Selling Your Books on eBay By Rick Snider

Imagine readers paying more than retail price for your book, even bidding against others. It happened to me.

Ebay was supposed to be just another small sales outlet in the myriad of marketing my latest release Cole Classics. Instead, it became not only a steady revenue stream for that book but a new clearinghouse for storeroom remnants of past releases.

It’s cheap, simple and 24/7. Selling directly to readers means getting all the money instead of the usual bookstore splits. Many buyers take a second or third copy, especially when the author offers to personalize them. I’ve even sold several blocks of 10.

Ebay won’t revolutionize bookselling, but it does create new sales. Mostly, my Ebay buyers are women looking for a gift for their hard-to-buy-for men. They type in their husband/father/son/brother’s favorite sports team and find the book that stands out from the endless fan merchandise of glasses, pennants and shirts.

It can be Christmas, Valentine’s Day, Father’s Day or a birthday. There’s always something coming up on the schedule, though the Christmas rush is the biggest sales period. It’s not unusual to sell one or two books daily for a few weeks around Thanksgiving. Indeed, selling 50 over a Christmas season isn’t unusual. That’s like 100 copies at a bookstore given the full price, and how many bookstores sell that many of your title and pay immediately?

The best part is it can be full price or more — especially in the final days before Christmas. I know, it’s hard to believe people would pay more for a book on Ebay that they could buy at list price or less from other websites like Amazon, but they do. Ebay is about convenience and the thrill of the unknown. Sort of like yard sales. Maybe they could find it cheaper elsewhere, but most people are too busy to dicker over a few dollars. They’d rather complete the transaction and move along. And who knows, maybe some did go to to buy it so you made money there, too.

There are a few secrets to increasing sales.

* Research where similar items are listed. My “Cole Classics” was about the University of Maryland basketball team so I listed it under Maryland Terps memorabilia. Make it easy to find. Ebay even allows a free secondary listing.

* The “buy it now” option permits an immediate purchase. The traditional auction can bring more than list price, but take up to seven days. “Buy it now” feeds into Ebay’s impulse buying and costs only pennies more.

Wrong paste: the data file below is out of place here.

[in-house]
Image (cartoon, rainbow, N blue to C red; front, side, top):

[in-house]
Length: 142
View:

* Keep the price flexible. You can get full price during the Christmas rush. However, discounting the book up to 50 percent will move copies during slow periods. Hey, half price is still better than most bookstore returns.

* Personalize it. Offering to inscribe the book for free is a sales-clincher. People love having authors sign books, especially when it’s a gift. We all know it’s fun to do and only takes a moment.

* You create the image. There’s plenty of room in the message area to use slick graphics and even a free cover photo.

The ins and outs of selling on Ebay don’t take long to learn, either.

* It’s easy. The first time takes a few minutes, but the “relist” option after a sale can have the book back online in less than one minute.

* It’s cheap. A $10 book can cost only 60 cents to list. Think of it as an advertising expense.

* Use the free counter. It’s a good gauge of whether people are at least looking at your book. If not, change the category.

* List for seven days with the “buy it now” option.

* Ebay’s organization is superb. They invoice and can even collect the money through the increasingly-popular PayPal, but buyers can send a check directly to the seller. Having sold more than 500 books over the years through the mail, not one check has bounced.

* There are secondary sales. Mention in the confirmation email that additional copies can be purchased at a discount. Many will buy extras. A follow-up email from buyers ordering more isn’t unusual after they received the original book.

* Old titles sell, too. Buyers often ask if you have other books. I listed about 50 books left from one title and 25 of two others that were sitting in a backroom box. They were gone at full price. That’s found money.

* Mailing lists. Today’s buyers are tomorrow’s customers that you already know. Just keep a file for coming books.

* Be sure to weigh your book to learn the shipping price before the first sale. Ebay buyers pay shipping costs. Consider priority mail. The postal service treats it better than book rates and provides free envelopes.

Rick Snider is president of 21st Century Online Publishing, author of seven books and a sports writer for The Washington Times. He invites emails at:

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